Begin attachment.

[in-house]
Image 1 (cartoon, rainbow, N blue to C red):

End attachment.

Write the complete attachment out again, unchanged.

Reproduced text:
[in-house]
Image 1 (cartoon, rainbow, N blue to C red):